To Share with Your Children at Christmas – “The Tale of Three Trees”

Sharing a precious memory of Christmas past on this Christmas morn.

When our three children were very young, we would read children’s books to them each evening before bedtime. “Story Time!” always created excitement and had become a tradition that started with our first-born child Brian, as he grew old enough to listen, and in the following years with Daniel and Katie. Cindy and I were blessed by such times, and we knew the children enjoyed the stories. There were many, many books that we collected over time such as “A Giraffe and a Half”, “Cloudy With a Chance of Meatballs” and “The Enormous Crocodile”. Yet there was one story that held special significance for us at Christmas and again on Easter – “The Tale of the Three Trees”.

It is a tale of dreams held, of dreams shattered, and of dreams realized. Here is an excerpt from the beginning of the story:

Once upon a time, three little trees stood in a forest high on a mountain, dreaming of what they would be when they were grown.

The first little tree looked up at the stars twinkling like diamonds in the night sky. “I want to hold treasure,” it said. “I want to be filled with gold and decorated with jewels. I will be the most beautiful treasure chest in the world!”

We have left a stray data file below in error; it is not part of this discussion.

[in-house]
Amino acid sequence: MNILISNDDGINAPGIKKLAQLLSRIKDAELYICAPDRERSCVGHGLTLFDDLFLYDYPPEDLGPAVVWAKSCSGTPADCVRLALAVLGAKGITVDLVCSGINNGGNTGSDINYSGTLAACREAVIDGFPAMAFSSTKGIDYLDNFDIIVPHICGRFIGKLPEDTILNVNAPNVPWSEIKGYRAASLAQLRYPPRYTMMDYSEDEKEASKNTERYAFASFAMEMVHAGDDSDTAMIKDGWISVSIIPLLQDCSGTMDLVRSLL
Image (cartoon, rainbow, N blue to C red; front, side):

The second little tree looked down the mountainside at the ocean far below. “I want to be a strong sailing ship,” it said. “I want to travel mighty waters and carry powerful kings. I will be the strongest ship in the world!”

The third little tree said, “I don’t want to leave this mountaintop at all. I want to grow so tall that when people stop to look at me their eyes will raise up to heaven, and they will think of God. I will be the tallest tree in the world!”

Source

Thus the dreams of the three trees are made known to the reader. But then woodcutters came up from the town and their dreams were shattered one by one. The first was felled and fashioned, not into a treasure chest, but into “a simple feed-box.” The second was felled and fashioned, not into a strong sailing ship, but into “a simple fishing boat.” And the third that dreamt of never being cut down was instead felled and then cut into rough-hewn beams and laid aside.

But though the trees dreams were shattered, the story goes on to talk about a feed-box being used as a cradle that held “the greatest treasure in the world.” And a small fishing boat that would not “travel mighty waters” but would carry “the King of heaven and earth.” Finally, the story tells of beams of wood fashioned into a cruel structure onto which a man was nailed by his hands and feet. Yet the earth would tremble as the man died and then three days later “the earth knew that God’s love had changed everything.”

This simple, touching story has been illustrated by more than one person, but the book that we read to our children was “The Tale of Three Trees: A Traditional Folktale” by Angela Elwell Hunt, with illustrations by Tim Jonke. We think the illustrations are wonderful.

You may perhaps find the book at your local library, but we encourage you to buy a copy at your favorite bookstore or at an online source. We pray it blesses you and your children as it did our family.

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